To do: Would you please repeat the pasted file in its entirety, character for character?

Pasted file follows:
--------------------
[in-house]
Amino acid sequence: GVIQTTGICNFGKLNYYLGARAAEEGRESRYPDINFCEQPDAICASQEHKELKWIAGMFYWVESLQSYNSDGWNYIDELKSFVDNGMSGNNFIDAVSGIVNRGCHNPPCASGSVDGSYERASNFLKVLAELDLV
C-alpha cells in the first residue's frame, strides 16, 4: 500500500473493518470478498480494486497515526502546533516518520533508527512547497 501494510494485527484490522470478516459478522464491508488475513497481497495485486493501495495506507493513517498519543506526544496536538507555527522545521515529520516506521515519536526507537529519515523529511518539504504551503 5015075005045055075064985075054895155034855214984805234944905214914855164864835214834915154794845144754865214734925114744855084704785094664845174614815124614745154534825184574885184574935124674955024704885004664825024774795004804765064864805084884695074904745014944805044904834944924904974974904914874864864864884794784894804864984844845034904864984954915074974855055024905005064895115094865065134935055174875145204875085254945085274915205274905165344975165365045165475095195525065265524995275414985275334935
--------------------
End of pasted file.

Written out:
[in-house]
Amino acid sequence: GVIQTTGICNFGKLNYYLGARAAEEGRESRYPDINFCEQPDAICASQEHKELKWIAGMFYWVESLQSYNSDGWNYIDELKSFVDNGMSGNNFIDAVSGIVNRGCHNPPCASGSVDGSYERASNFLKVLAELDLV
C-alpha cells in the first residue's frame, strides 16, 4: 500500500473493518470478498480494486497515526502546533516518520533508527512547497 501494510494485527484490522470478516459478522464491508488475513497481497495485486493501495495506507493513517498519543506526544496536538507555527522545521515529520516506521515519536526507537529519515523529511518539504504551503 5015075005045055075064985075054895155034855214984805234944905214914855164864835214834915154794845144754865214734925114744855084704785094664845174614815124614745154534825184574885184574935124674955024704885004664825024774795004804765064864805084884695074904745014944805044904834944924904974974904914874864864864884794784894804864984844845034904864984954915074974855055024905005064895115094865065134935055174875145204875085254945085274915205274905165344975165365045165475095195525065265524995275414985275334935